Tuesday, November 16, 2010

low-level management

We're a wiki school. Lots and lots of students use wikis. Lots and lots of teachers use wikis. Everyone uses wikis differently, but one thing is a constant: signing up.

There are three levels of wiki sign up and it pays to have a clear plan for signing up whenever a teacher goes about class-wide sign up.

- Ask students to choose which level of wiki user best fits:
  1. Have wiki account and knows necessary log-in information
  2. Have wiki account, but does not remember password
  3. New to wikispaces
- Begin by working with the #1's. Have them log-in and then go to the wiki for their class.
- Move on the group #2. Have them go through the necessary steps to retrieve their passwords.
- Work with the newbies, but encourage shoulder partners (presumably some #1's and #2's) to provide support.

Congratulations! You've completed a required step in an efficient manner. Yes, you could have assigned this sign-up process as homework, but you realize that going through this process as a class is, like many other whole class activities, valuable.

And having everyone do this in class sends the message that the wiki is important.

Wednesday, September 15, 2010

reading is dangerous

The following is a detailed account, sans adjectives and delivered in present tense, of personal events that unfolded between 6:46PM EST - 6:49PM EST:
  • Open Google Reader from Gmail
  • Read (in Google Reader) one unread item in Dy/Dan
  • Click on '10 comments on this item' and watch as new tab opens on browser, taking me directly to Madison, IN
  • Read comments, stopping at Bryan Cook's comment which references the book, 'Traffic: Why We Drive the Way We Do'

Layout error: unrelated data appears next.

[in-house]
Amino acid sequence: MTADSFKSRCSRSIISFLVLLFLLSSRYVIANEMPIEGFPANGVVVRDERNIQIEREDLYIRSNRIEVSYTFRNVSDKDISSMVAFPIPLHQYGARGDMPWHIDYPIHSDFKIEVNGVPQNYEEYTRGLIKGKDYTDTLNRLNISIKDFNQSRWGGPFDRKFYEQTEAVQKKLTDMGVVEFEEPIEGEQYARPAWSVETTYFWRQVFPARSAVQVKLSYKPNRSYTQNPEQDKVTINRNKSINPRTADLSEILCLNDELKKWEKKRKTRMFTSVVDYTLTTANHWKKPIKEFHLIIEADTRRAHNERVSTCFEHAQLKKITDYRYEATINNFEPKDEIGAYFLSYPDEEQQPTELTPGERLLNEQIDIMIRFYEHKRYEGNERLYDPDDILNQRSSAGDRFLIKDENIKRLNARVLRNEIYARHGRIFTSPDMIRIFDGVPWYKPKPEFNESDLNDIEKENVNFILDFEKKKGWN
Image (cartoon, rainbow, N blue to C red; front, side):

• Open new tab and load up Amazon
  • Search for aforementioned book in Kindle store
  • Eye 'Buy now with 1-Click' chiclet
  • Receive confirmation email for purchase of 'Traffic: Why We Drive the Way We Do'
  • Think about how many invisible people and ubiquitous web apps led me on a fast-paced path to spend $9.29

Thursday, September 2, 2010

doin' it with alacrity

A new elementary school, replete with interactive white boards in every classroom. A rinse and repeat training session, designed to give every teacher the opportunity to learn how to write and erase on the IWB. Thirty minutes and on to the next meeting.

Would you cover more? Would you provide the whiz-bang?

Key stat: You know that 90% of the staff never used an IWB until today.

Thursday, June 17, 2010

ugh, wcydwt: slow

But...I did it. There's no math for that.

Thursday, June 10, 2010

a litigious...lot?

I mean, what's the technical term for a group of unicorns?

My recent absence on this blog is in no way indicative of my blogging passion. It's just that I've learned I'm better served by blogging about something other than education.

And zippee do-dah indeed if recent news hasn't validated my choice to alter my blogging focus.

But it appears that my real passion has crossed the alleged mythical line that exists between unicorns and their legal representation firm.

Exception they have taken, indeed!

Behold a sampling of the constitutionally-inspired assault I received recently:
Lest you be so uninformed as to recognize the ignominious depiction you project of our rights'-entitled client base, our legal team is obligated to inform you that you must cease and de-continue your web blog as it is in direct violation of the privacy rights afforded to all unicorns.

Please note that unicorns have enjoyed uninterrupted years of privacy, and if our clients wished to have their lives subject to interpretation on the world wide interwebwork, they have just as many limbs as their human counterparts and could blog with alacrity. But they choose not to.

While we recognize that your blog is celebratory, and at times, pun-ny, you must exercise immense caution when blogging, not only about humans or animals, but mythical creatures as well. We recommend automotive detritus. We can even provide you with some catchy domain names. We've cross-referenced against Technorati and Bloglines.
The letter goes on. Needless to say, I'm running out of blogging topics.